As we entered the second quarter, the primary concern among investors was the solvency of both the global banking system and the United States government. After the rapid failure of only a few U.S. and global banks, however, the crisis of confidence has largely abated. Furthermore, the last-minute bipartisan deal to raise the U.S. debt ceiling until early 2025 has averted a U.S. debt default and temporarily calmed investors’ nerves. We believe investors will now refocus on our overarching theme for 2023: the Federal Reserve’s mandate to eradicate inflation while trying to avoid too much economic pain.
The Federal Reserve (the Fed) decided to maintain interest rates at their current target range of 5.00 – 5.25% during their June meeting. While we believe the Fed is nearing the end of their rate-hiking cycle, we view their recent decision and subsequent commentary as a |”hawkish pause.” This means that the Fed is taking a brief break from raising rates but is likely to increase them again at a future meeting. This view is supported by the Fed’s newly updated dot plot, which shows that a majority of Fed board members expect at least two additional interest rate increases of 0.25% by the end of the year. Moreover, the Fed board members have revised higher their prior expectations for stronger GDP growth, improved employment, and higher core inflation in 2023. These changes align with recent economic reports. Most importantly, recent inflation reports show that core inflation (i.e., excluding food and energy prices) remains persistently above the Fed’s target of 2%. The bottom line is the current economic data suggests the Fed still has work to do on inflation and will likely keep interest rates ‘higher-for-longer’ than the market originally thought.
How has the market reacted to this higher-for-longer tone from the Fed? It has seemingly shrugged it off. Although the market has adjusted its rate expectations higher since the beginning of the year, it has also moved back into a bull market. Earlier this year, the market anticipated the Fed would soon start cutting interest rates. Now the market agrees with the Fed that interest rates will not be cut until 2024, at the earliest. Despite this shift in expectations, the market has largely disregarded the Fed’s restrictive monetary policy by staging a strong rally. The U.S. stock market, as measured by the S&P 500 index, has returned 16% year-to-date. You may ask: “Why is the stock market rallying if the Fed is still increasing interest rates?”
It’s important to note that not all economic sectors or companies participated in this rally. In fact, most of the S&P 500’s return can be attributed to a handful of mega-cap technology companies with exposure to the burgeoning field of artificial intelligence (AI). The mega-cap technology companies comprise over 20% of the S&P 500, so their performance can have a significant impact on the overall index return. A meaningful comparison is the S&P 500 Equal Weighted index, which holds the same amount of each stock, thus limiting the impact of any one company or sector. The equal weighted index has returned only 6% year-to-date, which seems more reasonable given the current environment. Unfortunately, there is not one benchmark or index that can consistently provide an overall gauge on the health of the stock market. Instead, we will be closely watching the second-quarter earnings reports from our companies to assess the continued impact of higher interest rates on their businesses.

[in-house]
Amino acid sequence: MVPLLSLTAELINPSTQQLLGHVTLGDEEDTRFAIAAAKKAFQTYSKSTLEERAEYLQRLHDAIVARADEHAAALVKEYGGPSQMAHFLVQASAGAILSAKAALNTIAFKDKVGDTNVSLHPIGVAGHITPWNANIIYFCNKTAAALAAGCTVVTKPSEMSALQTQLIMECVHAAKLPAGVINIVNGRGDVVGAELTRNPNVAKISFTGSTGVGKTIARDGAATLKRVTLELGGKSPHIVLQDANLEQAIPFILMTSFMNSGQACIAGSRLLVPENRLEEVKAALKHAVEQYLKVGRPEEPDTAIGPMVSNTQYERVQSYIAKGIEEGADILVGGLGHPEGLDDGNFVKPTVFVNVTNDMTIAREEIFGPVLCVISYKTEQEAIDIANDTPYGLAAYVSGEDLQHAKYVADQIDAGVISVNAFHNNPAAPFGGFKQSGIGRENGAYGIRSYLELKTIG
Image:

We believe that we are getting closer to the end of this interest rate cycle, but there is much that remains uncertain. Therefore, we expect both the stock and bond markets to continue displaying high levels of volatility. All eyes will be on monitoring monthly economic reports to gauge the Fed’s likely decision at their next meeting in July. Despite the near-term uncertainty, we believe that a diversified portfolio of high-quality dividend and growth companies, combined with appropriate amounts of short-term bonds and cash, will help our clients meet their financial goals.
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About The Sanibel Captiva Trust Company
The Sanibel Captiva Trust Company of Sanibel, Florida and its divisions The Naples Trust Company and The Tampa Bay Trust Company; an independent firm with $3.6 billion in assets under management that provides Family Office and Wealth Management Services, including investment management, trust administration and financial counsel to high-net-worth individuals, families, businesses, foundations, and endowments. Founded in 2001 as a state-chartered independent trust company, the firm is focused on wealth management services that are absolute-return oriented and performance driven. Each portfolio is separately managed and customized specifically to the client’s yield and cash-flow requirements. Offices in Sanibel-Captiva, Fort Myers, Naples, Marco Island, Tampa, Belleair Bluffs, and Tarpon Springs. www.naplestrustcompany.com